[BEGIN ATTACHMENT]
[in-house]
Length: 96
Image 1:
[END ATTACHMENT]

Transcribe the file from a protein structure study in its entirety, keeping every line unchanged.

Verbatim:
[in-house]
Length: 96
Image 1: